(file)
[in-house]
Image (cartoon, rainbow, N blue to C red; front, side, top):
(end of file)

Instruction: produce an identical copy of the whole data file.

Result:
[in-house]
Image (cartoon, rainbow, N blue to C red; front, side, top):